Sunday, 5 October 2008

Xchanging to take control of Indian partner

(By Anthony Miller). In an ironic counterpoint to the recent “Indian buys Brit” brouhaha, “our very own” UK-based, international BPO pure-play, Xchanging, is to take a 75% stake in its Bangalore-based, Mumbai-listed IT/BPO services partner, Cambridge Solutions. Cambridge was founded in ’97 as insurance giant Aon’s Indian captive, but went through a number of transformations before listing in ’05 (as Scandent Solutions – see here for more on Cambridge). Xchanging cemented a £230m/10-year BPO deal with Aon in Aug. ’06.

Cambridge’s FY08 revenues (to Mar. ’08) were in the order of £150m (Xchanging’s were £468m in FY07) but its 4-5% operating margins are shy of Xchanging’s 7%, and well below ex-GE captive Genpact (10-11%) though in line with Indian BPO peer WNS (4%). Cambridge gets around 70% of revenues from the US, 17% from Australia, and the balance from Europe and Asia, whereas Xchanging gets 75% from the UK and almost all the rest from Continental Europe.

At an £83m consideration, the deal values Cambridge at c. £110m. Xchanging will put £45m cash down and offer new shares for the balance, diluting shareholders' equity 7%. Xchanging’s market cap. was c. £550m when the markets closed on Friday. Over 60% of Cambridge’s stock is held by its ‘promoters’ (a quaint term generally applied to the founders/principal shareholders of Indian stocks), Scandent Holdings. Aon’s pension scheme owns 16%.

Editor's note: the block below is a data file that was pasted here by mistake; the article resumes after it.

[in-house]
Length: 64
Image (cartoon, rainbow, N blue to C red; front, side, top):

It’s interesting to compare the relative valuations between this deal and the proposed HCL/Axon bid (see see HCL tosses its hat (and £440m) into the ring for Axon). On my back-of-a-fag-packet calculations, Xchanging will be paying about 0.7x FY08 sales and 16x EBIT for Cambridge. HCL, on the other hand, is offering around 2x sales and 13x EBIT for Axon (which enjoys 14% margins). This is a case where the EV/sales multiple is a better measure of the relative valuations than EV/EBIT, given that Cambridge gets over 70% of its revenues from low margin BPO vs Axon getting 100% of its revenues from high value SAP consulting.

In principle, I would be raising a cheer for a deal like this – and I may very likely do so. Most of you will already know my views on the importance of offshore delivery for UK IT/BPO services companies – i.e. “do or die”. But there are a lot of questions I need answers to first (e.g. how much of Cambridge’s revenues derive from Aon, given it claims to service over 2,000 clients). Much (I hope) will be revealed at tomorrow’s briefing and I will report further then.

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